The Apple ATT Edition

On privacy, app tracking, and attribution

Rick Webb (RLW) used to be my boss (and Colin’s too) during our time at The Barbarian Group, which he co-founded. He is a prolific writer, thinker, podcaster, and consumer of media. He’s also the only person I’ve ever met who thinks and speaks in bullet points. - Noah (NRB)

Rick here. Sometime soon, maybe by the time you read this (no one knows exactly when), after months of delay, Apple will begin enforcement of its new, much-vaunted App Tracking Transparency (confusingly, ATT—sorry AT&T) framework and protocols. In the world of in-app advertising, this is a very big deal. You may have heard about it. Forbes has called it “stunning.” This may be hyperbole, but only just. 

Keeping this WITI in the language of the layperson, Apple’s privacy changes come in three main parts: 

  1. Requiring apps to gain explicit consent to “track” users across the internet with their advertising. 

  2. Revamping what’s called in the biz attribution: the way in which advertisers confirm who was really responsible for a purchase, or a click. 

  3. App privacy “nutrition labels,” visible in the app store, clearly explaining to people how and when an App uses their data. 

Of the three, the nutrition labels are perhaps the most clear-cut and least controversial. The other two have brought about significant amounts of blowback from the industry. Perhaps best-known is Facebook’s five-barrelled ad campaign against Apple’s privacy changes. Apple itself has stepped into the fray with marketing touting how evil everyone else is, and positioning these changes as nothing less than a moral crusade. Most of us like the idea of data privacy, and most of us find the concept of “ad tracking” creepy, so Apple probably has the moral high ground here.  

Why is this interesting?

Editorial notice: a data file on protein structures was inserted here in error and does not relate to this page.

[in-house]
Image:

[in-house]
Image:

Generally, I am a huge proponent of data privacy and applaud the general gist of Apple’s efforts. Yet there are few quirks to Apple’s implementation of ATT that is not widely understood, and leave one questioning their true motives. 

First, Apple already offered the ability for users to control ad app tracking. For the last decade, iOS has included the IDFA—Apple ID For Advertisers—the primary method with which advertisers can “track” users. This has, since iOS 10 in 2011, been an anonymous ID, that can be turned off or reset (prior to this Apple let apps access the device ID, which could not be reset). Apple has not actually offered a new ability to “turn off tracking” in iOS 14.5, rather, what used to be opt-out is now opt-in. They’ve also updated the granularity with which users can control this choice: previously the option was universal for all apps, but now it can be turned on or off for each individual app. To me, this is hugely fascinating and under-discussed. Most news articles present this feature as new, but I find it far more interesting than a simple change in choice architecture (from opt-out to opt-in) can, potentially, threaten an entire industry. No one knows exactly how many people will opt out, but everyone assumes it will be much higher than it was in the past. If you choose to not opt out, you will still get an ad. It will probably be a “worse” ad, of the punch-the-monkey variety. But that’s just a guess. As I said, no one knows. 

Next, in perhaps the weirdest move, Apple has made no provision for GDPR, the EU’s robust, opt-in based, plain-language requiring privacy regulation. This leaves every EU iPhone user now facing the somewhat absurd task of opting in twice on every app. I am not an engineer (anymore), so I can’t say if this was a technical limitation or what. But it’s hard to see how this furthers privacy (GDPR is a very solid privacy law), and it’s hard to see how this holds up Apple’s famously user-centric design simplicity.